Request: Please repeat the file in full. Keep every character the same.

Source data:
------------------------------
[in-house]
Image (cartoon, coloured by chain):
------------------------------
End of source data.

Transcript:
[in-house]
Image (cartoon, coloured by chain):